OPINION: When you cover politics, certain topics come up with a depressing familiarity, like dishwater swirling around a sewer.
Fear is a political weapon. Richard Nixon was one of the first mainstream politicians to deliver the simple and compelling message of restoring law and order.
It helped him win the White House in 1968. He relied on the policies of his predecessor, Lyndon B Johnson, who invested in policing, surveillance and incarceration to deal with the problems caused by poverty and inequality. Johnson declared “a war on crime”.
In the half-century since, politicians from Donald Trump to Tony Blair have invoked the same theme.
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It is often a call for radical action: a criminal justice system centered on punishment, retribution and sentencing. Often it is shorthand for the oppression of minorities and the poor.
A recent spate of gang shootings and a spike in juvenile crime in Auckland have prompted predictable and violent calls. On Saturday, National Chief Christopher Luxon announced (another) crackdown.
Largely plundered in Australia, Luxon’s plan would prevent known criminals from meeting in public, ban badges in public places and introduce gun ban orders – an idea that has been floated from the national government previous. “The police need support, and under a national government they will get it,” he said, conveniently unaware that during the decade he was in power police budgets were frozen at unattainable levels.
The ACT wants to seize the assets of people caught with illegal firearms, although it has strongly opposed reforms to gun laws, including a registry, which experts will gradually make it harder for gangs from getting guns in the future. He also drafted a bill similar to the association restrictions proposed by Luxon.
This helps the opposition narrative that Police Minister Poto Williams has taken a somewhat passive approach to his portfolio. And the public hasn’t embraced Commissioner Andrew Coster’s soft-spoken approach to policing.
There are glaring differences of opinion between those who favor rolling back tough sentencing laws and reducing prison populations to those who believe that liberal policies and progressive policing – or “woke” have contributed to a 30% increase in violent crime in our largest city. They support increased enforcement.
The hype of the crime and the urgent calls for action are rewarded by voters, who react disproportionately to the sound bites and images of the crime in the media.
But as attractive as they look on hustings, traditional lockdown policies don’t work. From Labor Prime Minister Norman Kirk’s vow to “take the bikes off the bikes” to Sir Robert Muldoon’s firewood cutting plans, New Zealand has yet to emerge from gang culture.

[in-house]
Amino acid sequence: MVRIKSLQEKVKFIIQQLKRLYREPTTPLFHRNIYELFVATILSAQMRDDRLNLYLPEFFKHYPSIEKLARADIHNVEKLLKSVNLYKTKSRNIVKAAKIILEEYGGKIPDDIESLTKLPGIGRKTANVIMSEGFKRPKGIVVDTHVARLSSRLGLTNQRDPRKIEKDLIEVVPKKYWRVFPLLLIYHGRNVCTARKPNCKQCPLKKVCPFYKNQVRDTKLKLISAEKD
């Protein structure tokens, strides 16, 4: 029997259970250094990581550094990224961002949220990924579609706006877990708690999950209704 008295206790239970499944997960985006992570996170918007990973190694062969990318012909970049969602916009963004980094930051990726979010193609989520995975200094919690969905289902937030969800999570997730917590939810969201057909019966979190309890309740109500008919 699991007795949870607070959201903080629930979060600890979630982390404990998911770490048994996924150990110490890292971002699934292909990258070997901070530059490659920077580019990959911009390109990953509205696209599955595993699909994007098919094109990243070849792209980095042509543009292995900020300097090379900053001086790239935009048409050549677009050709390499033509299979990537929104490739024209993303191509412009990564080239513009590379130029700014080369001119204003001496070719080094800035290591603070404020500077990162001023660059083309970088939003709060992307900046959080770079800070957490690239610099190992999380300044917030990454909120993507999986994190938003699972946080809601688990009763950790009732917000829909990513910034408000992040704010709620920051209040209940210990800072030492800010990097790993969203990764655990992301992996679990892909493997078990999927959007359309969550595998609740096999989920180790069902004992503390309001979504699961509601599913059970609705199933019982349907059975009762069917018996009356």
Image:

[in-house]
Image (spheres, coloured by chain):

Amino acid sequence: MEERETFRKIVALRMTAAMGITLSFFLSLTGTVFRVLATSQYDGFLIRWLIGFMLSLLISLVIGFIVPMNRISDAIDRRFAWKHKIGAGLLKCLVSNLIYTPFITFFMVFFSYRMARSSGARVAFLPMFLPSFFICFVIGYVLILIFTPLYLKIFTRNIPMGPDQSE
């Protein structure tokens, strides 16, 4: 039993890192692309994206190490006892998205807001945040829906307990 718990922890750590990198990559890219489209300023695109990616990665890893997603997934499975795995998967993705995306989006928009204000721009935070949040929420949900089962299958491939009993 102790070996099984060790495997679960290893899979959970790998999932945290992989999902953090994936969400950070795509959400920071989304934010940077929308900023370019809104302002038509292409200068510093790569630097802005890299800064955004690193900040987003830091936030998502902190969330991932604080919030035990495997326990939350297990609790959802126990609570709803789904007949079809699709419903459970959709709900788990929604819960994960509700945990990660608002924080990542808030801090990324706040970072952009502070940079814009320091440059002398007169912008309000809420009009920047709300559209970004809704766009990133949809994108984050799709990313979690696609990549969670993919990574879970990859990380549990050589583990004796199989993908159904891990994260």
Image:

Recent analysis by renowned expert Jarrod Gilbertat the University of Canterbury, showed that laws rushed through in the 1990s to curb “unprecedented” gang activity had almost no impact.
Tougher sentences and increased incarceration bring their own injustices and problems. And New Zealand has a long history of making impulsive policies. The previous national government reversed the burden of proof for defendants in bail cases, in response to an emotional and media campaign by victims’ families called the “Christie Law”.
The number of people locked up has tripled in 30 years, reaching more than 10,000 in 2018. At any one time, a third were awaiting trial, many of them innocent and unable to participate in pre-trial rehabilitation programs.
It was totally counterproductive. Although New Zealand had one of the highest rates of imprisonment in the developed world, this was not a deterrent. Recidivism rates have not decreased.
Similarly, ACT’s flagship three-strike policy had no discernible effect on violent crime rates. In one case, the Supreme Court had to intervene in a disproportionately harsh sentence. It is currently repealed.
Beware of politicians offering simplistic and hasty solutions. Because the crime – and the reasons for the offense – are often complicated.
Luxon’s solutions, presented in a speech to his party’s Northern Regional Conference, are no solutions at all because they fail to address the correlations between domestic violence, child poverty and limited educational choices. He makes a passing reference to restoring social investment – but his responses to gang violence are superficial and cosmetic.
Much of Auckland’s current problems have little to do with what the Beehive does right or wrong – but stem from a wave of deportations from Australia that began in 2015.
The influx of “501s” (named after the clause that allows their visas to be revoked) has dramatically changed the criminal landscape. Imported Australian gangs have more sophisticated importation, laundering and distribution operations – and their feuds are far more violent.
Successive governments have failed to convince Canberra to reverse the policy – during his visit last week Prime Minister Ardern made another unsuccessful appeal.
The cuts are too popular with Australian voters, and there is no incentive for new Prime Minister Anthony Albanese to reverse them. He would put his rival Peter Dutton – the architect of politics – a stick with which to beat him.
Not all 501s are organized criminals. Many have minor, low-level beliefs, but cut off from family ties and without hope of work, they often drift into the culture.
The growing number of gangs interconnects with post-pandemic factors: high levels of poverty and desperation, and deserted urban streets.
There are no simple solutions. To pretend otherwise contributes to an endless cycle of crime.